This acquisition also allows Colorado-based Newmont to expand its portfolio with the addition of Goldcorp’s mines in Canada, Mexico and Argentina, including a stake in Pueblo Viejo, a giant mine in Dominican Republic that it co-owns with Barrick.

When asked why Goldcorp agreed to a takeover when its stock is some 75 per cent below its 2011 peak, Mr. Garofalo said it was a “unique opportunity to create a leading gold company."

But not that long ago, Goldcorp itself was considered the world’s leading gold company.

In 2011, it had a market capitalization of $44-billion, and as recently as three years ago it was the biggest gold company in the world by that measure, worth more than both Barrick and Newmont. But after poor acquisitions and operational stumbles, Goldcorp’s stock price had been in a deep tailspin.

In an interview, Goldcorp founder Robert McEwen, who left the firm in 2005, said it is disappointing that Canada will lose yet another major mining head office.

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“It’s a loss for Canada, for the mining sector,“ said Mr. McEwen, who is now CEO of McEwen Mining Inc..

“When a head office moves, its corporate heart moves. It’s a bit of a hollowing out."

Goldcorp’s recently built Cerro Negro mine in Argentina has grappled with declining gold grades. Production at its Éléonore mine in Quebec has not come near the level of 600,000 ounces a year the company promised. Under Mr. Garofalo, who was appointed three years ago, the company has paid about $1.5-billion for acquisitions that have fallen short, including a gold project in Yukon whose reserves were recently cut by one-fifth.

After a particularly weak third quarter financial report in October, Goldcorp lost close to 20 per cent of its value in a single trading session, with some analysts and investors saying the market had lost faith in its management team.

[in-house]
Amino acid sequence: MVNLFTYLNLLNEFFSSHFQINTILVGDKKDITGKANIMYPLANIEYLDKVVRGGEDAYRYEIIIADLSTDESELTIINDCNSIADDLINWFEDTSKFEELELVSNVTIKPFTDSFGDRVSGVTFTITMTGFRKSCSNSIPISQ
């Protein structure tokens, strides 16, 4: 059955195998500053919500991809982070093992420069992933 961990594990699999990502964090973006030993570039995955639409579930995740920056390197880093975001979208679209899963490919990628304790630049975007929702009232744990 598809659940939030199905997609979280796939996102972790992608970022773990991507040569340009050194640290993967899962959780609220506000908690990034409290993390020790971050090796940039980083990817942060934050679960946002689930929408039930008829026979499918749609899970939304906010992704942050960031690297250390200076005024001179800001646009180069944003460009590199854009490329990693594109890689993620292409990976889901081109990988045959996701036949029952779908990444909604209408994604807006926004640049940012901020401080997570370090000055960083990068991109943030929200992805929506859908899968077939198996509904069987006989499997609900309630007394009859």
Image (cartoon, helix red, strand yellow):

On Friday, The Globe and Mail reported that Goldcorp was in takeover talks with Newmont as it explored strategic options. Goldcorp also talked to Australian gold major Newcrest Mining Ltd. before Christmas with the view to being acquired, but those talks fell apart.

“Unlike the Barrick-Randgold merger, which brought management, and some top tier assets, Newmont will pick up second tier assets that are in need of drastic surgery,” gold analyst John Ing of Maison Placement wrote in a note on Monday.

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While Goldcorp’s stock rose by 7.5 per cent on the Toronto Stock Exchange on Monday, Newmont shares fell close to 9 per cent on the New York Stock Exchange.

Founded in 1994 by Mr. McEwen, Goldcorp spent much of its first decade developing its Red Lake mine in Ontario. While Mr. McEwen was in favour of the company’s 2004 acquisition of Vancouver’s Wheaton River Minerals, which gave the nascent company a global footprint, he said its 2006 deal to buy U.S. competitor Glamis Gold for $7.8-billion was far too expensive.

global operations

Newmont

Goldcorp

$12.5-B

$10-B

DEAL Value*

Equity

Enterprise

reserves

In millions of ounces

68.5

Newmont**

Goldcorp***

52.8

*Newmont Mining Corporation and Goldcorp Inc. closing stock price

as of Jan. 11, 2019. **As of Dec. 31, 2017 ***As of June 30, 2018

JOHN SOPINSKI/THE GLOBE AND MAIL

SOURCE: goldcorp Inc.

global operations

Newmont

Goldcorp

$12.5-B

$10-B

DEAL Value*

Equity

Enterprise

reserves

In millions of ounces

68.5

Newmont**

Goldcorp***

52.8

*Newmont Mining Corporation and Goldcorp Inc. closing stock price

as of Jan. 11, 2019. **As of Dec. 31, 2017 ***As of June 30, 2018

JOHN SOPINSKI/THE GLOBE AND MAIL

SOURCE: goldcorp Inc.

global operations

Goldcorp

Newmont

DEAL

Value*

Headquarters:

Denver, Colo.

$10-B

Equity

reserves

In millions of ounces

$12.5-B

68.5

Newmont**

Goldcorp***

52.8

Enterprise

*Newmont Mining Corporation and Goldcorp Inc. closing stock price

as of Jan. 11, 2019. **As of Dec. 31, 2017 ***As of June 30, 2018

JOHN SOPINSKI/THE GLOBE AND MAIL, SOURCE: goldcorp Inc.

With a report from David Milstead